Rachael Zimlich is a freelance writer in Cleveland, Ohio. She writes regularly for Contemporary Pediatrics, Managed Healthcare Executive, and Medical Economics.
Pharmacies can help reach populations that have difficulty in using traditional channels for vaccines, but obstacles remain.
Adult vaccination rates are historically low in the U.S., and both cost and access have a lot to do with it.
Stakeholders have called for increased access, such as through pharmacy-based vaccination programs, but a new report verifies that cost is prohibitive and keeps patients from utilizing those services.
In a new report titled, “Opportunities and Challenges of Adolescent and Adult Vaccination Administration within Pharmacies in the United States,” and published in Biomedical Informatics Insights, researchers sought to identify factors that promote or deter pharmacy-based vaccinations for teens and adults. The research team focused on human papillomavirus (HPV); tetanus, diphtheria, and pertussis (TDAP); or meningitis (meningococcal conjugate vaccine [MCV4]), influenza and pneumococcal vaccines. Three quarters of the pharmacists that participated in the study reported that vaccination rates could be increased, and that insurance coverage, patient education, and pharmacist’s time constraints were common challenges.
Pharmacies, according to the study, may be particularly useful as a way to reach populations with limited access to a traditional physician’s office, as well as the flexibility and extended hours a pharmacy could offer.
The pharmacists polled in the report generally had two to three pharmacists on staff at their location to deliver vaccines in a designated area. All offered walk-in appointments, 53% allowed appointments during business hours, 38% offered mass clinics and 78% offered vaccination services at off-site locations. As far as vaccines offered, 80% of pharmacists provided the Tdap booster, 60% provided the MCV4 vaccine and 45% provided the HPV vaccine to adolescents. All 40 of the participating pharmacists offered herpes zoster. In addition, all 40 pharmacists reported administering shingles and flu vaccines to adults.
All of the pharmacies accepted Medicare, self-pay methods, and private insurance. Another 98% accepted Medicaid, 65% accepted TriCare, and 60% participated in the Children’s Health Insurance Program (CHIP) with more than half of the pharmacists participating in the Vaccines for Children program.
More than half of the pharmacists polled described reimbursement available to their clients as a challenge, and 57% reported that insurance reimbursements were inadequate to cover vaccine administration costs for all vaccines and insurance plans, according to the report. The time of the pharmacist administering the vaccination was often not covered or reimbursed by payers, and 53% of pharmacists said they could not determine if a patient’s insurance covered a pharmacy-administered vaccine. Another 13% of pharmacists had to refer patients to a traditional physician’s office due to reimbursement policies.
While 78% of pharmacists reported reimbursement and insurance issues as the greatest challenge to vaccination, 43% also cited having a designated administration area and the cost of storing vaccines to be an issue and 40% said patient education was a challenge. Pharmacists reported that patient concern over uncovered costs were also a big deterrent.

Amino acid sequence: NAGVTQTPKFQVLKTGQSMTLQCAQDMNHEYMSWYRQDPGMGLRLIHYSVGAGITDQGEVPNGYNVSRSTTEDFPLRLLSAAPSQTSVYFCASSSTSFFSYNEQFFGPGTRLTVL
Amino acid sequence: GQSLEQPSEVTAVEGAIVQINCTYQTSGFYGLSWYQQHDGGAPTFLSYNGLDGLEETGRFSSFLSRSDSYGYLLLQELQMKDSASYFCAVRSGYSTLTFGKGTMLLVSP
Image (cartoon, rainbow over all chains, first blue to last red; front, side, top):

The report suggests that PCPs help pharmacies overcome at least some of these hurdles since a physicians’ recommendation is the strongest predictors of vaccine uptake, according to the report. A quarter of the pharmacists in the study reported that collaboration with doctors was an important component of a successful vaccination program, especially with teens.
There are barriers even to physician support, according to the study, which referenced a 2003 report in which 75% of family physicians in North Carolina were unaware that their state allowed pharmacists to administer vaccines. Additionally, while half of physicians in a prior study believed pharmacists were equipped to administer the flu vaccine, other vaccines received less support. Another concern among physicians is the lack of documentation they receive when a vaccine has been administered, according to the report.
This is where collaborative efforts to improve documentation could come into play, according to the report.
Jessica Yasmine Islam, MPH, a doctoral student in the department of epidemiology at the Gillings Schools of Global Public Health at the University of North Carolina at Chapel Hill co-authored the study and said primary care physicians and pharmacists both play a vital role in vaccination. They should work to make certain that individual vaccination coverage is included in electronic record reporting to both insurance and state vaccination databases, she said.
“Pharmacy-based vaccination augments traditional vaccine channels to reach populations of the community who may experience barriers to obtaining traditional health care due to lack of insurance or knowledge,” Islam told Medical Economics. “Overall, pharmacists are uniquely positioned to recommend vaccination to a broader patient population and also, provide vital knowledge on its importance due to their accessibility.”
Islam said reimbursement problems at the pharmacy level result in missed opportunities to improve national vaccination rates. Both improved insurance coverage for vaccine administration and information systems for reminders and multiple dose provision are needed to improve vaccine uptake, according to the report. Islam said she hopes the study findings will motivate pharmacists, PCPs and policymakers to collaborate to find new ways to expand the pharmacist’s role in providing vaccinations.